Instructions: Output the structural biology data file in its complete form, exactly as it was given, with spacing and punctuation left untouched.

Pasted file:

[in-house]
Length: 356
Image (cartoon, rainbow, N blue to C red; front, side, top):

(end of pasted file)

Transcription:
[in-house]
Length: 356
Image (cartoon, rainbow, N blue to C red; front, side, top):